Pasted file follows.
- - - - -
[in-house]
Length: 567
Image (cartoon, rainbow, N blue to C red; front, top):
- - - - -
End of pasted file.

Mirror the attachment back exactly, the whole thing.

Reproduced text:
[in-house]
Length: 567
Image (cartoon, rainbow, N blue to C red; front, top):